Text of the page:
There is an interconnectedness to every organization, an undeniable link between each and every person that begins at the top of the food chain. A leader can define a company’s mindset and culture, which is why their every word, thought or action carries considerable weight.
Because of that, a leader of superior emotional intelligence can propel a company to new heights, while one lacking that characteristic can severely hinder its efforts.
So just what is emotional intelligence (or EQ, short for emotional intelligence quotient)? It is the ability to use one’s emotions to their best advantage, as opposed to allowing them to become a stumbling block. Those with a high EQ are self-aware, self-motivated, empathetic and socially skilled, not to mention self-regulating, meaning that they are firmly in control of their emotions at all times, revealing their feelings only when it is in their best interests.
The importance of EQ was first brought to light in author Daniel Goleman’s 1995 book, Emotional Intelligence. In it, he summarized the findings of psychologists John D. Mayer and Peter Salovey, who concluded that our emotional abilities are just as wide-ranging as our intellectual skills. Those who possess a high EQ, they noted, were able to monitor their feelings and those of others, and use them to inform their actions. A correlation has been found between emotional intelligence and job performance and satisfaction, and multinational corporations have taken note: 60% prescreen potential employees for that characteristic, aware that EQ can impact communications, collaboration, problem-solving, customer service, marketing and human resources.
But again, it all starts at the top. An emotionally intelligent leader encourages creativity and risk-taking and is unthreatened by opinions that run counter to their own. Such a leader can become an agent for change, forever cognizant of how such alterations might be handled by others within the organization and capable of planning accordingly.
That’s the environment I try to create in my own company. I want to make sure every viewpoint is considered. I want ideas to be kept in mind, even if they are dismissed, because oftentimes implementing something is a matter of timing, not merit. I want risks to be taken. I want everybody to learn from their failures. And ultimately, I want our staff to have the best possible resources at its disposal. Here are some of the keys to our approach:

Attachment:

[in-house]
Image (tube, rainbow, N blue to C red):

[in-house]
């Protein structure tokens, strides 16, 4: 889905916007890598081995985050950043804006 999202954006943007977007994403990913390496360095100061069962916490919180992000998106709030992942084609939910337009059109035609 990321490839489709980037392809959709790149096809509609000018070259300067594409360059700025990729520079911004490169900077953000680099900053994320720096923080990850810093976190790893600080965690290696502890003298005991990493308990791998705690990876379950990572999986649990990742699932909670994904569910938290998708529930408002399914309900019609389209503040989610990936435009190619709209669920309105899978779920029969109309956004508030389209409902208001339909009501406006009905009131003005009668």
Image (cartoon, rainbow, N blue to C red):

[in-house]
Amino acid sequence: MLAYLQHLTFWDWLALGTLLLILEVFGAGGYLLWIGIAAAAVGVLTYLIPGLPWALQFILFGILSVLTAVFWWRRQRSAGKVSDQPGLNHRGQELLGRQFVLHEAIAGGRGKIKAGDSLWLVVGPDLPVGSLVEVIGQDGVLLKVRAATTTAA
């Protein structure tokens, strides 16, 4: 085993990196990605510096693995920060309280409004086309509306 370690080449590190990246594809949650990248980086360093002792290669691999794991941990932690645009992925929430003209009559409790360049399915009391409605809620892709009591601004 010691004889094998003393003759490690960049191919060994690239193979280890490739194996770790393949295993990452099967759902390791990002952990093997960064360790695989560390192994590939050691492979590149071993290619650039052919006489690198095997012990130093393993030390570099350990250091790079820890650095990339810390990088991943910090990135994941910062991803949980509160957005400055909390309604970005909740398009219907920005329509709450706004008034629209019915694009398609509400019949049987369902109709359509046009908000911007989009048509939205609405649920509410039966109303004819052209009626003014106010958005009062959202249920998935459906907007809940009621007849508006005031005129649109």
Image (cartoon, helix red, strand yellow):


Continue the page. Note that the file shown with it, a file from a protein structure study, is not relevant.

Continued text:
When I wake up each morning, I write down five priorities that enable me to focus on what I need to do to improve my business, and that governs my approach to that particular day. And while in my brainstorming sessions with staff we likely reject five out of every six ideas that are introduced, we constantly revisit those we’ve shelved or nixed, knowing that while some might be unacceptable, others might have just been introduced before their time.
I honestly believe you can learn more from the things you don’t implement than those you do. Decisions around what to greenlight frequently take into account what we know will not work, which is the ultimate yin/yang proposition: The negative shapes the positive. A case in point is that the products we develop always hinge on our stakeholders’ needs. In other words, a process of elimination helps to define our product or service.
I long ago learned the value in venturing outside the four walls of my office and visiting with staff and residents. That’s how you truly come to understand day-to-day operations — what is working and what is not. That’s how you truly connect with everybody in every department. We stage weekly and monthly visits to our facilities — the former are short check-ins that are census-centered, while the latter are longer (i.e., four hours or more) sit-downs to discuss operational topics. It is from such meetings that we are able to create niche programs.
When I started in business, I would hire family and friends to fill management positions, but I quickly learned that I needed to have different perspectives and viewpoints. In particular, I needed someone capable of challenging my beliefs on any given topic. In time I made the adjustment, underscoring my long-held belief that you have to embrace your failures and turn them into learning opportunities. Another (more recent) example: I underestimated the importance of online branding, so we made the necessary adjustments in that realm. I have also discovered along the way that you can learn a great deal from your competitors and that indeed you must. Failing to respect or appreciate them will more than likely lead to failure, period.
EQ is crucial to the success of a leader and, by extension, an organization. It can be expressed in many ways, and extend down many avenues. But its impact is undeniable.
This article was originally published on Forbes on 9/6/2019.